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Hypertension Research Programme - HT10

Cost effectiveness of salt reduction interventions in Pacific Islands

Project locations: Fiji and Samoa

Project duration: 2012 - 2015

Funding organisation

HT10 project video

Primary research aim

The aim of the project is to evaluate the impact and cost-effectiveness of multi-faceted intervention strategies to reduce salt in the Pacific Islands.

Research objectives and methodology

The primary objective is to measure the impact of sodium reduction interventions on the salt intake of the populations of Fiji and Samoa. This is achieved by obtaining reliable baseline data on salt intake, salt levels in foods and sources of salt combined with qualitative analysis of stakeholder views to develop and implement targeted interventions to reduce salt. Post-intervention monitoring of the measurements will be undertaken to enable an assessment of the intervention's impact and cost.

Current status

Baseline assessments have been completed and the parallel projects in Fiji and Samoa are currently in the intervention phase. In Fiji, several meetings with food business operators have been held to raise awareness and encourage local and multinational manufacturers to lower the salt levels in foods towards the targets. In addition, the Fiji team is raising awareness through television advertisements, newspaper articles, showing an educational DVD and providing pamphlets of information, particularly to relevant stakeholders such as heads of schools and canteen managers. 75 educators have been trained and will be educating the community on how to reduce their salt intake.

In Samoa, the team has been raising awareness through presenting and distributing information at charity events, religious group meetings, government meetings, and through advertisements in newspaper articles, radio and television. Also the team have met with three restaurants to raise awareness and encourage low-salt practices.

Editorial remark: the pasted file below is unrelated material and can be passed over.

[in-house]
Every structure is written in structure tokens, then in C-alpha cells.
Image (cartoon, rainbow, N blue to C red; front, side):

In both countries, plans for the repeat monitoring in 2015 are currently being made. A joint meeting to bring together collaborators from both projects will be held early next year to exchange experiences on the project to date, plan logistics and training for the follow up monitoring and identify lessons that can be used to inform other countries that are considering similar work. It is expected that, by the end of 2015, as well as demonstrating progress on reducing salt, the projects will have led to a range of tools and resources that it will be possible for other countries to utilise. It is hoped they will be disseminated through the World Health Organization Collaborating Centre on Population Salt Intake at the George Institute in line with its remit to support Member States towards achieving the global target of reducing average population salt intake by 30% by 2025.

Project contact: Jacqui Webster - jwebster@georgeinstitute.org.au

Investigators

Publications

  1. Webster, J., Su'a, S. A. F., Ieremia, M., Bompoint, S., Johnson, C., Faeamani, G., . . . Woodward, M. (2016). Salt Intakes, Knowledge, and Behavior in Samoa: Monitoring Saltā€Consumption Patterns Through the World Health Organization's Surveillance of Noncommunicable Disease Risk Factors (STEPS). Journal of Clinical Hypertension (Greenwich, Conn.), 18(9), 884-891. doi:10.1111/jch.12778
  2. Land MA, Webster J, Ma G, Li M, Asi Faletoese S, et al. (2015) Salt Intake and Iodine Status of Women in Samoa. Asia Pacific Journal of Clinical Nutrition Asia Pac J Clin Nutr 2016;25(1):142-149 . [IF 1.699]
  3. GACD Hypertension Research Programme WG, Peiris D, Thompson SR, Beratarrechea A, Cardenas MK, Diez-Canseco F, Webster J, et al. Behaviour change strategies for reducing blood pressure-related disease burden: findings from a global implementation research programme. Implement Sci. 2015;10(1):158. doi: 10.1186/s13012-015-0331-0. PubMed PMID: 26553092. [IF 4.122]
  4. Downs SM, Christoforou A, Snowdon W, Dunford E, Hoejskov P, Webster J. (2015) Setting targets for salt levels in foods: A five-step approach for low- and middle-income countries (based on lessons from the Pacific Islands). Food Policy 55: 101-108.
  5. Christoforou A, Snowdon W, Laesango N, Vatucawaqa S, Lamar D, Alam L, Lippwe K, Havea I, Tairea K, Hoejskov P, Waqanivalu T, Webster J. Progress on Salt Reduction in the Pacific Islands: From Strategies to Action. Heart, Lung and Circulation, 2014 DOI: 10.1016/j.hlc.2014.11.023 [Impact Factor 1.172]
  6. Webster J, Snowdon W, Moodie M, Viali S, Schultz J, Bell C, et al. Cost-effectiveness of reducing salt intake in the Pacific Islands: protocol for a before and after intervention study. BMC Public Health. 2014; 14: 107